Finding their niche: Second Saturday event offers more than foot traffic

Published 12:10 am Tuesday, July 11, 2023

SALISBURY — Many artists use the Second Saturdays in Salisbury to promote their brand and move merchandise, but one family is using the marketplace to help offset cancer treatment costs.

Laurie Hyatt discovered she had leukemia in 2020, right about the same time she and her husband Jim and daughter Jessica moved to Salisbury from Syracuse, New York.

Laurie said the weather in the South appealed to her as a recent retiree. With the cancer diagnosis and COVID-19 pandemic, 2020 was rough for the Hyatts. While she does have insurance, Laurie points out that the bills started piling up.

“I take one pill in the morning,” Laurie said. “I am trying different things. They only last for two years, and then I have to try something else.”

The Hyatts’ vendor booth is called Meadow Tie Dye Company.

The name of their small business is derived from their address.

“We live on Meadow Lane,” Laurie said. “Jessica started it. She wanted to do something to help out with the medical bills.”

Jessica added, “It keeps our mind off of things, too.”

With tie-dye being a niche market, once Jessica discovered her knack for creating it, she decided to see if she could monetize her craft. On Saturday, the Hyatts were also selling bracelets that Laurie had made before her condition’s increased severity.

“I made them before I got sick and couldn’t do it anymore,” Laurie said. “I am getting better.”

Between the bracelets and the tie-dye shirts, Laurie said that proceeds still don’t cover her medical costs but offset other items they need and give them a chance to get out of the house.

“We are enjoying the weather today,” Laurie said.

When she is out and about, Laurie has to ride in a wheelchair, but she is not completely immobilized.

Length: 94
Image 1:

“Our house is one level, and I can get around there,” Laurie said.

The family has plans to continue trading Jessica’s craft.

“We just started doing craft shows,” Jessica said. “We look for them online and through word of mouth.”

The Hyatts are eyeing the Woodleaf Tomato Festival (in August) as their next marketplace setup. However, anyone interested in purchasing a tie-dye shirt or bracelet can call or text them at 704-223-4858.

Second Saturdays in Salisbury

When Michelle Pentoney and Julie Ruscica came up with the event, it was supposed to be a way to get artists and customers out of the house during the pandemic. It officially caught on a couple of years after the initial lockdowns.

Pentoney owns Hive & Co. in downtown Salisbury where Ruscica sells her embroidered products, Little Fox Knots.

“We love the big events, but they only happen so often,” Pentoney said. “We need things, especially during the summertime, to get people out to enjoy the downtown. We have such a walkable city.”

What started with about three vendors has grown to almost 20.

Ruscica said that the vendor list is constantly rotating by design and that they try to put them in unique locations around Salisbury during each event.

“There is always going to be that change in vendor list and host stores,” Ruscica said. “It’s going to be a little different every month. We want to make sure it doesn’t get stale.”

Each event features various vendors and artists who set up in front of downtown shops.

“We try not to put anyone in front of a store that competes with what they sell so that it complements rather than competes,” Pentoney said.

For Roots owner Marleigh Adams, the event has proven a positive incubator for her emerging business.

Having just opened three months ago, Adams was unsure what to expect with foot traffic and admits that some days have been slow. However, events like Second Saturdays in Salisbury are helping her new store gain some traction.